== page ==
Tuesday, May 31, 2005


There's a debate afoot about the meaning of a recent Minnesota Court of Appeals opinion ruling that the fact that a defendant in a child porn case had a copy of PGP on his computer was relevant to the charges against him.

More than a few people expressed shock that having or using encryption could be a sign of criminal intent (including Bruce Schneier, while others (including [Update: Orin Kerr on The Volokh Conspiracy] said that the opinion was more narrow than that.

Here's my read of the case.

The trial court stated on the record that the physical evidence presented was not sufficient to support a conviction. This is because no photos were found on the defendant's computer.

The judge then looked to additional evidence, including, most importantly, the testimony of the victim, evidence "that an encrypting capability was employed by the Defendant” and evidence that “occasions [] indicate that there was advance notice of that so called surprising and thorough search warrant” executed at appellant’s home. I'm not sure to what this last finding refers, but I think the court may mean that the defendant's searching of the penal code prohibition against child pornography and perhaps other evidence shows he expected police intervention.

This could be relevant for two reasons. The first is that it suggests a consciousness of guilt. Why research the law or have encryption software if you aren't doing anything wrong? This is the disfavored interpretation that people are worried about. The second is that the encryption and expectation of police raids suggests that the defendant must have gotten rid of the incriminating pictures. This is the interpretation Volokh puts forward.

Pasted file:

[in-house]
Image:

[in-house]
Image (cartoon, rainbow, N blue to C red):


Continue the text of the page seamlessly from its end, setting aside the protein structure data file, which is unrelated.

The opinion isn't clear on which inference the trial court drew from the PGP evidence. It says that the trial court cited the victim's testimony that defendant took lewd photos of her with a digital camera as the most important evidence, and then said that the defendant's computer knowledge and skills corroborated her testimony. The appellate court then agrees that the PGP evidence was relevant and refused to second guess the trial court's assessment of the credibility of the victim which was influenced by the PGP evidence.

The opinion is not explicit that the PGP evidence was used to show criminal intent or consciousness of guilt, but I think that is fairly implied, especially since the court is not clear or specific about the relevance of the PGP evidence to the problem of the missing child porn photos. Police did not find encrypted files on the defendant's machine, or evidence that the illegal pictures were encrypted or erased. The opinion references the defendant's "encrypting capability" in the context of other evidence he expected the police to raid him, which could be read either as consciousness of guilt, or as reasn to believe he disposed of the photos. And the victim's testimony that defendant took digital photos of her is not corroborated by the encryption technology in the strict sens of that word. So there is reason to believe that the court drew a broad negative inference from the mere presence of encryption technologies, and this is the reason for concern.

Perhaps more worrisome isn't what this opinion says or doesn't say, but how it could be used by courts looking at this issue in the future. This is why its important for appellate courts to be more explicit about exactly what they are ruling.

Jennifer | 4:09 PM